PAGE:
Year Established: 2014 Start Date: 2014-03-01 End Date: 2014-12-15
Total Federal Funds: $18,000 Total Non-Federal Funds: $36,200
Principal Investigators: Mark Masters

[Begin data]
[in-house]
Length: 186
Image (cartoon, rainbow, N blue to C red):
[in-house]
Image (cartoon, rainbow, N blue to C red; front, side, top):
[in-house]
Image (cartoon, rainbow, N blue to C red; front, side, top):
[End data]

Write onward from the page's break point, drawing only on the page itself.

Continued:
Abstract: In the Lower Flint River Basin (LFRB), recent droughts have resulted in historic low flows and heightened concern over water scarcity for in-stream and off-stream needs. Irrigated agriculture is critical to the regional economy. Low flows in the LFRB threatened access to water for irrigation during the growing season in 2007, 2011, and 2012. Environmentally, low flows compromise the habitat of federally-listed endangered and threatened freshwater mussels as well as other important aquatic species and can create significantly degraded water quality conditions. The LFRB is also central to the decades-long interstate conflict over water allocation in the Apalachicola-Chattahoochee-Flint (ACF) System. Sustainable use and careful management of the Flint and its tributaries will be central in resolving increasingly severe and complex water resource management issues in the region. Careful management requires a solid information base on which to make decisions, but at this time, the state of Georgia has limited information on agricultural water use and especially lacking is information on conservation practices. Conservation practices are widely used by farmers in the LFRB, but upgrades in efficiency can still be attained. A baseline survey on conservation implementation in irrigation systems in the LFRB is needed to support decision making about future conservation investments. The Upper Flint and Lower Flint-Ochlockonee Regional Water Councils recommended developed of such a database in their 2011 regional water plans. The Albany State University Georgia Water Planning and Policy Center (the Center) initiated an effort to establish baseline information on conservation practices used in the LFRB in 2012 and has received state funding that supports this effort in nine priority sub-basins in the LFRB. The Center is seeking funding to attain full coverage by this survey of all agricultural withdrawals in the nine priority watersheds. The project objectives are: (a) Complete a full survey of conservation practices associated with agricultural withdrawals (greater than 100,000 gallons per day) in the nine priority watersheds; (b) Compile collected data in the Center’s GIS database; and (c) Analyze collected data to support reporting and recommendations to water managers based on the baseline conservation assessment. The Center will conduct field visits for data collection, and collected data will be compiled in the Center’s GIS database, which already includes extensive information on water use, wetted acreage, and hydrology in the LFRB. The end product of this initiative will be a baseline analysis of conservation practices by irrigators in the nine priority watersheds. This information will support state water regulators, regional water planning councils, and federally-funded agricultural conservation incentive programs in ensuring that conservation practices are widely implemented and that conservation investments are directed toward the greatest benefits.